Bringing the County Championship title back to The Oval after 16 years is a moment which players, members and supporters can cherish – for all the glitz and glamour of a Lord’s final or T20 finals day, it’s the competition which runs through the entire summer and takes most love and labour.

Surrey have won the competition outright 19 times, also sharing it with Lancashire on another occasion, only Yorkshire (32) enjoying a better record.


No one could touch Stuart Surridge and Peter May’s teams when they won the County Championship seven times in a row. Micky Stewart joined the side in 1954 and – like Ken Barrington, another batsman off promise – found himself a cog in a well-oiled machine: “Kenny and I were the youngsters in the team, which was very experienced and knew what they were about.

“It was made clear from pre-season by Stuart Surridge that everything we did was about winning the title – every game, day, session and ball was pointed towards that goal. And as he won five out of five as captain, you had to say he was pretty good at it.

“One of the after-effects of the Second World War was that the average age of players was older, so Ken and I were the youngsters pretty much all the way through that period, including when Peter May took over in 57 and 58. What did we get when we’d won it? I think it was a free drink!”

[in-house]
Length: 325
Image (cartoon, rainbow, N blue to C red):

“We were at our best in 1957 and we wrapped it up at Weston-Super-Mare in mid-August. Kenny and I still had the jobs of arranging the transportation of the bags, which meant finding taxis to transport them from the ground to the station.

“We didn’t get back to The Oval until midnight and the ground was locked up, so we had to throw them over the gate before we went home.

“By 1958 the team was getting a bit elderly and it was our worst batting display. But we might have still won it in 1959 – Sussex declared against Yorkshire, who went on and got the runs. We were playing Middlesex and they weren’t going to declare against us.”


It another 13 long years before Surrey won again and by then Stewart was captain and senior pro, desperate to win one final County Championship before his playing days were over.